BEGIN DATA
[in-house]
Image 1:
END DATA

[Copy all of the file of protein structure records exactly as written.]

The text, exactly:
[in-house]
Image 1: